GDP growth (%) 7.1 4.1 2.0 3.0 4.0 4.5
Inflation (%) 7.8 12.0 20.8 11.0 7.0 6.0
Budget deficit/GDP(%) -3.6 -7.3 -5.0 -5.2 -4.1 -3.2
Tax revenue/GDP (%) 10.5 10.6 10.2 10.7 11.4 12.2
Savings/GDP (%) 17.9 13.5 14.1 14.2 16.3 17.0
Ext. current account defi- cit/GDP (%)
Government debt/GDP (%)
-3.4 -8.4 -5.6 -4.2 -4.6 -4.5
57.0 58.4 55.6 56.4 55.8 54.7
Sources; Government of Pakistan, and IMF.
outlook will, critically depend upon the maintenance of a tighter fiscal position, strengthened competitiveness, and improved governance so as to reduce the vulnerabilities listed above. In the short run, generation of employment opportunities is critical for the success of the medium term strategy. In this context, elimination of energy shortages will provide the much needed spur to the use of installed capacity, facilitating growth, improving employment opportunities, and creating room for higher revenues, thus easing the path of adjustment over the medium term.
Fiscal reform will, above all, call for an acceleration of tax reform effort so as to generate a significant increase in revenue in 2009/10 and sustained into the medium term. At present, given the political uncertainties, it is unclear whether the authorities will be able/willing to implement difficult, but necessary, reforms in the tax system, reductions in direct and indirect subsidies, and the needed control on provincial outlays. It also presupposes that any shortfalls in donor disbursements under the Tokyo Agreement will not be made up through domestic financing. In this context, it is unclear as to whether any further reduction in interest rates would be opportune. In the event of an expansionary fiscal stance supported by an easy monetary policy, the authorities will have to accept a further weakening of the rupee, with attendant domestic inflation.
Medium-term growth will remain hostage to low domestic savings and investment. Reaching the growth rate of 6 percent a year level – average rate of growth registered during 2002/03-2007/08 – even by 2014/15 would, given the outlook for external financing, call for domestic savings to increase to at least 21 percent of GDP in 2014/15 from 14 percent presently. Even if the above is realized, given the expected population growth, income per capita would increase only marginally over the next 5 years and poverty would remain high.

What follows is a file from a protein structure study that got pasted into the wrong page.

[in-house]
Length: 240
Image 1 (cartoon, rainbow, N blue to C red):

Given the head start that other countries in the region and other competitors have over Pakistan, the scenario above will put Pakistan behind them by about a decade! The political ramifications of such a development are not hard to grasp. Hence the need to do more than that envisaged above.
Reform or Low Growth Trap
Pakistan is presently encountering a dual problem: (1) macroeconomic imbalances and inflationary pressures arising out of a dysfunctional fiscal system supported by a compliant monetary policy stance; and (2) low domestic savings which, given the present outlook for capital inflows, are inadequate to sustain a level of investment needed to achieve a higher growth rate over the long run that will be necessary to reduce poverty without inflation and with debt sustainability. It is worth noting that average savings in countries in the same income category as Pakistan are significantly higher than in Pakistan; for example, India’s savings rate is about 30 percent as compared with 14 percent in Pakistan in 2008/09! Over the past year, the apparent shortage of energy has also added to the gravity of the two fundamental problems identified above.
These are inter-related problems and have to be dealt with under a comprehensive reform program. The primary factors underlying these challenges are: low level of revenue mobilization and out of control expenditures, policies discouraging improvement in productivity in both agriculture and manufacturing; and large implicit and explicit subsidies (estimated as equal to about 4 percent of GDP). These subsidies, which are needed to sustain certain inefficient private manufacturing activities, increase budget deficit, reduce savings, allow the maintenance of prices such as exchange and interest rates out of line with market conditions, and promote speculative activities. Moreover, inappropriate sector- specific policies have continued to misallocate resources.
Finally, the deteriorating official capacity to formulate and implement effective policies – poor governance – has become a major impediment. Above all, there is no convergence between the interests of the ruling elites and the masses – this lack of national consensus has resulted in a policy gridlock. Inaction has continued to build upon itself, fueling corruption, thus progressively reducing the effectiveness of policy responses.